Too many carrots? Preserve them with low acid food preserving technology.

Author: Valerie Pearson  |  Date Posted: 23 November 2010

I am still harvesting carrots out of my garden, have filled up a draw in my freezer and now I have moved onto bottling and filling up the pantry. Here's how.Low Acid Food Preserving:Many people have been making home preserves such as jams, jellies and pic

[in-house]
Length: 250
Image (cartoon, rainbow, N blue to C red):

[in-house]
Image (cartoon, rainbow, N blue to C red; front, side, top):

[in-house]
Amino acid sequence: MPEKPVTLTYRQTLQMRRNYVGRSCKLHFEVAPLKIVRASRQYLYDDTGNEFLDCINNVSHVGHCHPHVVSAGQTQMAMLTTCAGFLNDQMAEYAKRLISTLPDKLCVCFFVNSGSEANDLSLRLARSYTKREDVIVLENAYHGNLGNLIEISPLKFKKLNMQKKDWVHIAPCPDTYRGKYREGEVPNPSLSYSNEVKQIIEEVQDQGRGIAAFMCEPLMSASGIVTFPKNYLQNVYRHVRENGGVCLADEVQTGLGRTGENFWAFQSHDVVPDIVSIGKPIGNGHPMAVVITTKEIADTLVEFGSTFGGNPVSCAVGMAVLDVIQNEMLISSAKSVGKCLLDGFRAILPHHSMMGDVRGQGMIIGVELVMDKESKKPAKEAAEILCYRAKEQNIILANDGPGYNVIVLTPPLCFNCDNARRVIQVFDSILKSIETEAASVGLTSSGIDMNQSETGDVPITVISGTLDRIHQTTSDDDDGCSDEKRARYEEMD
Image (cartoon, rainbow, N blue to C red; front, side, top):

I am still harvesting carrots out of my garden, have filled up a draw in my freezer and now I have moved onto bottling and filling up the pantry. Here's how. Low Acid Food Preserving: Many people have been making home preserves such as jams, jellies and pickles; and some of us have been preserving fruits and tomatoes in our kitchens on a regular basis for years. All of these foods have one thing in common; they are high acid foods. By high acid, I mean that that have a pH level above 4.6 on the pH scale. Our foods have a pH level, which is the measure of how acid or alkaline that food is. The pH level scale runs from 1 to 14 with 1 serving as “very acidic”, 7 being “neutral” and 14 being “very alkaline”. For example, most fruits are considered high acid foods; which means that they have a pH level of over 4.6.on the scale, covering from 4.6 to 1 on the pH scale with 1 being the highest. Tomatoes also fall into this group, but there are now such a variety of tomatoes on the market, including tomatoes especially grown to be low acid, that extra care must be taken to ensure that the tomatoes used are not too low acid. Most vegetables are low acid foods; which means that they fall below 4.6 on the pH scale, covering the range from 4.6 through to 14 on that scale with 14 being the lowest. This covers such foods as green beans, corn, peas, beets, carrots and many more. This would also include meats, poultry and seafood, which can be preserved using methods especially designed for low acid foods. Low acid foods cannot be preserved with the boiling water bath method, designed for high acid foods, as this method will not kill the bacteria that can survive in low acid environments; the same bacteria that is not a problem in high acid environments. Low acid foods require processing at a temperature of 116 degrees centigrade for safe preserving to avoid the potentially fatal poisoning by botulism. Botulism is a poison produced by "Clostridium botulinum", a bacterium that is found everywhere; in soil, on raw fruits and vegetables and on meat and fish. Botulism spores are resistant to heat, even from boiling water, and thrive in a moist, oxygen-free environment, such as a jar of food. While "Clostridium botulinum", will not harm you in the form it is found in on fresh foods, when fresh food is preserved in a jar, the right conditions are created for the bacteria to create the poisons toxins, if not processed correctly. The problem then becomes how to preserve these low acid foods? The solution is simple. Low acid foods can be processed at a high enough temperate (116 degrees centigrade) to kill "Clostridium botulinum” with a pressure canner and this makes this form of preserving low acid foods a safe alternative to drying and freezing. A pressure canner is a large, cast-aluminium pot with a locking lid and a pressure gauge. By cooking under pressure, you can bring the temperature of boiling water up to 116ºC (240ºF). This is the minimum temperature required to destroy botulism spores, and the only way to guarantee safe preserving for food items such as vegetables, meats and seafood. Your pressure canner will come complete with instructions so be sure to always follow them carefully.